The most important lesson though, is to not try too hard, which was what prof ben told me after 2 of my teammates dropped. Pushing too hard leaves no room for anything else. There was this concept brought forward by honking writer 黄易, called 遁去的一, basically if you have 50 slots for chairs. If you fill all 50 slots with chairs you lose the ability to change anything, your pattern is stuck. However, if you had 49 chairs in 50 slots, you will have 48! patterns(I hope I remembered by circular permutation formula correctly). Its just like playing poker, obviously there are maximum returns if you go all-in. But you're out of the game totally if you lose, however, just keeping 1 chip alive gives you a(very long) shot at getting back into the game. Something like that. Thats actually reinforced by Randy Paush's speech, you don't really need to go all out to make your dreams, but if you lead your life correctly, you'll find that everything comes together for yourself.

It has been a blast taking CS3216, thanks to all my wonderful classmates, TAs and 1 particularly evil professor. I theresay nothing I do in NUS will come as close as this. I hope all of you guys keep your passion for whatever you are doing, and in the immortal words of a certain prefoessor "do the right thing".

Cheers
Orry

4 comments:

Ben Leong said...

john lewd?

hahahahahha. :-) Sorry, couldn't help myself. Funniest typo I've seen in a long time. :-P

Lesson four, grades don't matter.

Actually, they do, to a certain point and under certain circumstances. For detailed explain when and why, see Hong Jun's post.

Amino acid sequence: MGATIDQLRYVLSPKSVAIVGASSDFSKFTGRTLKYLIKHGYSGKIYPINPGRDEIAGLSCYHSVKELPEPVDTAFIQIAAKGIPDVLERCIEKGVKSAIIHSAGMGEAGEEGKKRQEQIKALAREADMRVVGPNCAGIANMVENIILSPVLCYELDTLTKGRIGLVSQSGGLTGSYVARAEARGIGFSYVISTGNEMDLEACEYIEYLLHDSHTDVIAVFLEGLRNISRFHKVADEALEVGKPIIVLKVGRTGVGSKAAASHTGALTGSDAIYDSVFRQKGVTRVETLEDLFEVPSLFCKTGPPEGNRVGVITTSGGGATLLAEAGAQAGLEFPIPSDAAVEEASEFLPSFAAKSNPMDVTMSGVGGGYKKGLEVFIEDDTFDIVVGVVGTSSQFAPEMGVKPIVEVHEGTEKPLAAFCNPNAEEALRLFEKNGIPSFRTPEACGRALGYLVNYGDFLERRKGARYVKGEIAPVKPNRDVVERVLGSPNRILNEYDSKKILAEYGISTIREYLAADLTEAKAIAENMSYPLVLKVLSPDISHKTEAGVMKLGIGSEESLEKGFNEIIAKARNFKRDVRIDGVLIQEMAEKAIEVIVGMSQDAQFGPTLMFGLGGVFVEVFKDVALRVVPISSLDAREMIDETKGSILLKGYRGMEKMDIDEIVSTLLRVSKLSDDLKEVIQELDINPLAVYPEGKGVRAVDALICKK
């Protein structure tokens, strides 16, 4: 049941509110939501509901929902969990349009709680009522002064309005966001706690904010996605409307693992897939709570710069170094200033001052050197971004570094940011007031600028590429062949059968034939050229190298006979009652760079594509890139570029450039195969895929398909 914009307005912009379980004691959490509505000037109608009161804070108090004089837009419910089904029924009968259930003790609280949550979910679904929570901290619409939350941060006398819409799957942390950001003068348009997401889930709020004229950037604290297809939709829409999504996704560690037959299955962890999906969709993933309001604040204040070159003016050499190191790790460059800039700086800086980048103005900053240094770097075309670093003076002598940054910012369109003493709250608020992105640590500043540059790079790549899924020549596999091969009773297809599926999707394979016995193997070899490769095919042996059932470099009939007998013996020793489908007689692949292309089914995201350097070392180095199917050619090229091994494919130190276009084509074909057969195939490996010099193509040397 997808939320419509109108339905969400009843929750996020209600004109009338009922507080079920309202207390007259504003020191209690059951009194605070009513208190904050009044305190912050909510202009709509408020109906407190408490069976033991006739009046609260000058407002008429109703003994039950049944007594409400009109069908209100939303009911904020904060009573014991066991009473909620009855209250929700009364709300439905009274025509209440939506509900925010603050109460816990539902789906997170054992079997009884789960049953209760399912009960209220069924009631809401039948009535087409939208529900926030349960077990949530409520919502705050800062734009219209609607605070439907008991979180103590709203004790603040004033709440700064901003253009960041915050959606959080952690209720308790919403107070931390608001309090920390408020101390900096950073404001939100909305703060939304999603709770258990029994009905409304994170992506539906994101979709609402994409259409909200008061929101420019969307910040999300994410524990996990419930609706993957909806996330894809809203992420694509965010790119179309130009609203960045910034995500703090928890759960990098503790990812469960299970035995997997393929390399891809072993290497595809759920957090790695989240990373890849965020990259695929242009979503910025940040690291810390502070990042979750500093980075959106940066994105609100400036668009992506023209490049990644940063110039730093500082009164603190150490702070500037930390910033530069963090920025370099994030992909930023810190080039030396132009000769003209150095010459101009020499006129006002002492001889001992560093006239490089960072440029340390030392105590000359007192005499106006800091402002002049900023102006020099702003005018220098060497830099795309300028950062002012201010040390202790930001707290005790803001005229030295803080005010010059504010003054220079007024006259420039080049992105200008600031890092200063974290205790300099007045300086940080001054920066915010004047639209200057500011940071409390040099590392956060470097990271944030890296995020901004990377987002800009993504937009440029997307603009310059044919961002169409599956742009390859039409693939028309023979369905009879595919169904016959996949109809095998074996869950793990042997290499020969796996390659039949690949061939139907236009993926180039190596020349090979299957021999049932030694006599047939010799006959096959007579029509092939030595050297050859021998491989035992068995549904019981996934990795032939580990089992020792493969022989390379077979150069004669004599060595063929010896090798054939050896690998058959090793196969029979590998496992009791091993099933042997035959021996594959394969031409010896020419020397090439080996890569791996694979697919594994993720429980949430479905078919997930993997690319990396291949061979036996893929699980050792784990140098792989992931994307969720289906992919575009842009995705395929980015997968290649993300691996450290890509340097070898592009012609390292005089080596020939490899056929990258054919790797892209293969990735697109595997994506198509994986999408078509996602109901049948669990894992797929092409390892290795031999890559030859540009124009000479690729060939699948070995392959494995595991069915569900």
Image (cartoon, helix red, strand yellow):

The most important lesson though, is to not try too hard

I don't think you're saying this quite right. If you want to succeed, you gotten try damn hard.

Actually "Do or Do Not, There is NO TRY".

This point here to be "mentally agile and flexible". If you're going to double down, you just better know what the heck you're doing.

While the general wisdom about investment is that people should diversify to reduce their risks, Warren Buffett says "diversification is only required when investors do not understand what they are doing" and that if you dunno what you're doing to begin with, diversification will just make sure that you dun lose money all in the same place. :-P

Angad Singh said...

HAHHAH! @ "John Lewd" :P

Well Orry I remember during the facebook assignment it was really tough for us. Not in terms of coding but in terms of dividing stuff and keeping the team intact. It was the first time I was coding a big project and yeah I had those pangs of self-doubt. We had simple stuff to do but still it was not organised properly. [*points* to the 600 lines of code in a single PHP file].
But nevertheless - all those happenings really taught something - simple stuff - team management. [and always modularize your code!]

Li Yen said...

Actually a lot more typo errors like "Angand", "john loh", "john lewd"... hor, u don't remember ur classmates names!

Success is defined differently by different people, and there are seriously no sure path to success.
Follow ur heart.

joshuatj said...

oh my GGness John Lewd!